That’s because the waitlist may sometimes clear one seat at a time. The last thing you want happening is to be skipped over because your party needs two seats and only one is available.
This does create the possibility that one of you will clear the waitlist while the other doesn’t, but in that case you can simply cancel the confirmed ticket for a small fee.
Sending a "chaser" to revenue management
The jury’s out as to whether this method really works, but you can call KrisFlyer membership services and ask them to send what’s called a “chaser” on your waitlist request. This shoots a note to revenue management asking them to review your waitlist request.
I’ve experienced situations where my waitlist request cleared within minutes of the chaser being sent, and others where sending a chaser made no difference at all. All I can say is “it doesn’t hurt”. If you want try this, start at approximately one month before departure- anything before that is probably too early.
Keep checking award space on the SIA website
Don’t assume that just because you’re on the waitlist, you’ll definitely get a notice when an award seat opens up! That happens 95%+ of the time, but there’s always the odd 5% where award seats have opened up and the system for whatever reason doesn’t make the connection and send you an alert.
It’s rare, I’ll grant you that, but it doesn’t hurt to check in on the flight once a week or so, and call up membership services if you see space available.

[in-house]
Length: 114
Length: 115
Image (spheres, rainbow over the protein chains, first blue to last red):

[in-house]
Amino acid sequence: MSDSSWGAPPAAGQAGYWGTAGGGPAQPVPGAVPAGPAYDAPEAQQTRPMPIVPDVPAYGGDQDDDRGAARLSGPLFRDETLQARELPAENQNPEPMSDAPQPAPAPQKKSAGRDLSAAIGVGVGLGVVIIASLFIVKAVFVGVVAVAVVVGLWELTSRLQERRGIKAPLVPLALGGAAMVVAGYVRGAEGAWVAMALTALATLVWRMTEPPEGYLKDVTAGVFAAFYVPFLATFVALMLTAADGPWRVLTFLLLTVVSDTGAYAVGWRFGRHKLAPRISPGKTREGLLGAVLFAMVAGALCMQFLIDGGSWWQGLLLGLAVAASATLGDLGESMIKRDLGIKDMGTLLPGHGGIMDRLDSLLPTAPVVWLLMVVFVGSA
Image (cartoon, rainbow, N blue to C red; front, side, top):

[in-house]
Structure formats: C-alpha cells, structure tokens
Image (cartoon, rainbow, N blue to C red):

Visiting the ION Orchard Service Centre
The story behind this tip goes: heading down to SIA’s physical service centre in ION Orchard and talking to someone in person can help your waitlist clear.
Quite frankly, I’ve never understood why that should be the case. After all, the ION Orchard Service Centre is basically a physical call centre, and there's nothing they can do that the reps on the phone can’t. Moreover, they’re not the team in charge of releasing awards. You can try if you like, but don’t expect miracles.
How to avoid the Singapore Airlines waitlist altogether
As with all things, prevention is better than cure. Here are some things you can do when faced with a waitlist:
- Be flexible about airports: If there’s no flight to Tokyo-Haneda, try Tokyo-Narita instead Similarly, if you can’t fly to JFK, then EWR is possible too. Stretching that argument a bit further- if you can’t get awards to LHR, then it’s still possible to fly to a nearby city like MAN or CDG and buy a cheap budget flight to cover the final hop
- Consider a Star Alliance award: Your KrisFlyer miles can also be redeemed for flights on Star Alliance partners. If you can’t find an SQ award seat from SIN-NRT, try looking for ANA instead, or Thai Airways via Bangkok
- Book a confirmed flight and waitlist for another: When selecting a waitlisted flight, KrisFlyer allows you to “chope” a seat on another flight that’s currently available, in case your waitlist does not clear
- Try a different frequent flyer program: If you’re a Citibank cardholder, your credit card points can be converted into 12 different frequent flyer programs like Etihad Guest, Turkish Airlines Miles & Smiles and British Airways Avios. This creates opportunities to redeem flights with other programs should KrisFlyer only have waitlist options
The waitlist is frustrating, but hopefully the information here puts you in a better position to deal with it. With a little flexibility and a good knowledge of alternatives, you shouldn’t let a waitlist get in the way of your trip planning.
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By Aaron Wong
Aaron started The MileLion to help people travel better for less and impress “chiobu”. He was 50% successful. This is his story.